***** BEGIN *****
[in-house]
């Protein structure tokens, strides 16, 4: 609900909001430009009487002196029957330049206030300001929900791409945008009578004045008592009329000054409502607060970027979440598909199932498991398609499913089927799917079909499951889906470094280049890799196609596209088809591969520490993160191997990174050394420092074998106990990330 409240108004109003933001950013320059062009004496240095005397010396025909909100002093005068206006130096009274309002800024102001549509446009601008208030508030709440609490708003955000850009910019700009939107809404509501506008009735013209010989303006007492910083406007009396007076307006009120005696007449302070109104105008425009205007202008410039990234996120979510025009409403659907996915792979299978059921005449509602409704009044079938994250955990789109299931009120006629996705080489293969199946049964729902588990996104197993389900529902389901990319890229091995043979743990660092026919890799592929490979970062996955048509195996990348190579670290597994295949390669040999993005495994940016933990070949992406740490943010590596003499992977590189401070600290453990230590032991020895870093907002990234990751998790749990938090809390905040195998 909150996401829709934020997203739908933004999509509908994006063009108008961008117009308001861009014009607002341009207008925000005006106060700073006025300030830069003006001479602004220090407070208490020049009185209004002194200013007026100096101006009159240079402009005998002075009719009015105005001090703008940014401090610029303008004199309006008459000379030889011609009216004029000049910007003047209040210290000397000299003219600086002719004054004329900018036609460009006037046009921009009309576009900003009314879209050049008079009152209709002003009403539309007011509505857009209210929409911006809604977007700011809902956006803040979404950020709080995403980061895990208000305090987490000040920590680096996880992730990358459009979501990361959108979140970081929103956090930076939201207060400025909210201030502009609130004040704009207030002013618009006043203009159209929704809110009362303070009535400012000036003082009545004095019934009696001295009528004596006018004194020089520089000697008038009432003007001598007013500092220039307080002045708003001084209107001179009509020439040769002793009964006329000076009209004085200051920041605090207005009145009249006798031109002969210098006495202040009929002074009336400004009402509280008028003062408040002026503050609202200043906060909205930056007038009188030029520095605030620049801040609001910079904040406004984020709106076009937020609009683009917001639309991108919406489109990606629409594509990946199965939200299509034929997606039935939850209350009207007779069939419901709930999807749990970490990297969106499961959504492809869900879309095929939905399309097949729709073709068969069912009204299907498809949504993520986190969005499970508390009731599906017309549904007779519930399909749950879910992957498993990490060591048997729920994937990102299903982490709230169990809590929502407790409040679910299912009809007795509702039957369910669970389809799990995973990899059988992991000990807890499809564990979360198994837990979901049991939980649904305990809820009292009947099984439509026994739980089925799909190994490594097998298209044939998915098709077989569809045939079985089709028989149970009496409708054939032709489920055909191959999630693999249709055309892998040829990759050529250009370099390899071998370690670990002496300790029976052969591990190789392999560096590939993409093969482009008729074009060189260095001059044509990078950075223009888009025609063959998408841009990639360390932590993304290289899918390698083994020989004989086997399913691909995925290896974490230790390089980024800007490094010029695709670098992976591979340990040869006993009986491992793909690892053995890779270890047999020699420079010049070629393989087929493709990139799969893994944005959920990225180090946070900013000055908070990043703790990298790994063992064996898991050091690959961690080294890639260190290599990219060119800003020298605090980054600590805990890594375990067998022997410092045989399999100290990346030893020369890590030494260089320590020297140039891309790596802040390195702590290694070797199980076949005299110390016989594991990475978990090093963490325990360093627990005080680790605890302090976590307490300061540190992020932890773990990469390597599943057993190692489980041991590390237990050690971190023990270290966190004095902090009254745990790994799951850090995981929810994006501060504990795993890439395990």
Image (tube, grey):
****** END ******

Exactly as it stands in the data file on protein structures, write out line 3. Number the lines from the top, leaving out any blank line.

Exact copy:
Image (tube, grey):